For instance, the Congressman and his staff, along with compliant journalists…

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Science and Statistics – An unholy Alliance?

I came across this very interesting article the other day, written in 2010. It basically reinforces my own long held sense of unease with regard to statistical analysis. My reaction against statistics started early, in school, when first I was presented with its somewhat bizarre pseudo-mathematical methodology and nomenclature. My early rejection of the subject was more visceral and emotive rather than common sense factual and logical. It just hit a raw nerve with me somehow and all these years later, reading this article by Tom Siegfried, I begin to see perhaps why.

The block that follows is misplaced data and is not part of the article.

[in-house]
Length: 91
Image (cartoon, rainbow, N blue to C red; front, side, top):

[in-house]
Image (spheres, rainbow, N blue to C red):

So let me begin by quoting a few passages from Siegfried’s text:

“During the past century, though, a mutant form of math has deflected science’s heart from the modes of calculation that had long served so faithfully. Science was seduced by statistics, the math rooted in the same principles that guarantee profits for Las Vegas casinos. Supposedly, the proper use of statistics makes relying on scientific results a safe bet. But in practice, widespread misuse of statistical methods makes science more like a crapshoot. ”